21 citations


Cites background or methods from "A case study on the use of scale se..."

  • ...An example realisation of the above procedure can e.g. be found in the work by Feigelman et al. (2015)....

    [...]

  • ...…be applied in a straightforward fashion in cases where Assumption 3.2 fails, which is particularly relevant in relation to previous work (Shahrezaei and Swain 2008a; Feigelman et al. 2015), where the CME system (3.3) is studied for parameter values far beyond the range implied by Assumption 3.2....

    [...]


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15 Dec 2020-bioRxiv
TL;DR: An artificial neural network is used to approximate the time-dependent distributions of non-Markov models by the solutions of much simpler time-inhomogeneous Markov models; the approximation does not increase the dimensionality of the model and simultaneously leads to inference of the kinetic parameters.
Abstract: Non-Markov models of stochastic biochemical kinetics often incorporate explicit time delays to effectively model large numbers of intermediate biochemical processes. Analysis and simulation of these models, as well as the inference of their parameters from data, are fraught with difficulties because the dynamics depends on the system’s history. Here we use an artificial neural network to approximate the time-dependent distributions of non-Markov models by the solutions of much simpler time-inhomogeneous Markov models; the approximation does not increase the dimensionality of the model and simultaneously leads to inference of the kinetic parameters. The training of the neural network uses a relatively small set of noisy measurements generated by experimental data or stochastic simulations of the non-Markov model. We show using a variety of models, where the delays stem from transcriptional processes and feedback control, that the Markov models learnt by the neural network accurately reflect the stochastic dynamics across parameter space.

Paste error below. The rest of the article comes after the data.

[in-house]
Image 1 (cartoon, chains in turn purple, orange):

7 citations


Posted ContentDOI
25 Oct 2020-bioRxiv
TL;DR: It is found that the solution of the chemical master equation – including static extrinsic noise – exactly agrees with the agent-based formulation when the network under study exhibits stochastic concentration homeostasis, a novel condition that generalises concentrationHomeostasis in deterministic systems to higher order moments and distributions.